Is Debt a Deal-Breaker?


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You found The One! Perfect in every way. —Except they have debt. Is that a deal breaker for love?

According to Match. com, three out of four single Americans say they are turned off by excessive credit card debt. 46% of the women surveyed said they didn’t care how much their date spent on an evening out. (Match.com) My translation: It’s the quality of the relationship, not the quantity of money spent on a date.

Their in debt; you’re not. Does that mean the relationship is over?

It depends. Maybe your partner will never be as money savvy as you. Does that mean you walk? If they’re not willing to have a budget, clear the stars from your eyes. Their unwillingness to learn about deficits and surplus that will effect them—and you, are a red flag saying that they’re not willing to change at all. If you’re an excellent saver and are hard line, expecting miracles from someone who’s never had a budget, you may want to loosen up a bit on your ideal partner, or their ability to budget to your standards.

Are you both willing to sit down and talk about money, budgets and expectations you have of each other when it comes to money? (If they expect you to manage the household finances, are they willing to stick their budget so you can manage the money?) The money in many military homes is managed by women. Often, one spouse earns money, sends it home, and hopes when they get home the money has been spent/saved wisely.

Dating or married, have a written plan. If it’s not in writing, there’s nothing to go back to as a point of reference. If your relationship doesn’t have a strong foundation of mutual respect, don’t expect fibs and outright lies to bypass your finances. 30% of people admit lying to their partner about money. Ouch! (National Endowment for Financial Education)

If the divorce rate is around 50% why do only 3% of people with a spouse of fiancé have a prenuptial agreement? By talking about money ideals early in a relationship, there may be less push-back of a prenuptial being “unromantic”. Think of a marriage as part business deal, and the prenuptial holding promise of a future of love and commitment.

Is fresh better than flash frozen vegetables?


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Some people think fresh produce is the only way to get healthy produce. Not true. Sometimes, frozen or canned vegetables hold just as much—or more nutrients than fresh. They can also be lower is cost and easier to prepare. When I was going through chemo, my idea of preparing a meal was opening a can of white or black beans, a can of tomatoes, a can of corn, and adding pre-chopped celery and onion (thank you friends and family), and maybe spices like cumin or basil. When I was real low on energy, I’d ask someone else to open the cans. They loved this simple request! “Is that all you want me to do?” And depending on my energy level, my response was either, “Yes.” or “I’ll starve if you don’t.”

Vegetables retain their nutrients by how they’re processed or prepared. With flash freezing, vegetables hold their nutrients because soon after picking them, they’re boiled, then moved to ice water and drained before being frozen. Fruits are washed, slices and frozen. Canning uses heat treatment to destroy microorganisms that cause spoilage.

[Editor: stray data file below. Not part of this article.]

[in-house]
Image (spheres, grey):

Both flash freezing and canning are done within 24 hours of produce being picked. This is known as “minimal processing.” Foods that are highly processed, including fruits and vegetables prepared with a lot of salt, sugar, or fat are known as “highly processed” foods. Examples are vegetables with cheese sauce, or canned fruit pie filling. If you can, add your own cheese to vegetables, and make your own pie filling. Look for frozen fruit without syrup and canned fruit packed in water or its own juice. Buy no-salt added versions of canned vegetables, or drain out the liquid from the regular kind, and rise a few times. Store brand canned or frozen items are often lower in price and same quality as name-brand.

However you get ‘em – Get ‘em! Five servings a day of fruits and vegetables will help keep you healthy and lower the risk of cancer.

Pick a number and save


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Let’s say at the end of the month you have an extra $267 after expenses and your regular saving. If you spend it all, you may wish you didn’t after the fact. If you save it all, you may feel saving is punishment, and that you never get to have any fun. If you don’t have a regular savings plan, this could get you used to the idea, and hopefully edge you closer to making it part of your life. This is a start, but should not replace the idea of regular savings.

Every paycheck, pick a round number and put that into savings. Let’s say you decide to put $200 of the $267 as additional savings this month. The $67 is to spend any way you decide. Next month, you may have $302 left over. You may decide to save $100, and spend the left over $202. Remember, the $100 is in addition to your regular savings—it’s “extra” so don’t beat yourself up for having fun with the rest.

I have several savings accounts. One for a car, one for travel, etc. When I have “extra” money, I may chose one of these accounts, or my financial freedom account—which eventually ends up in an IRA as the amount grows.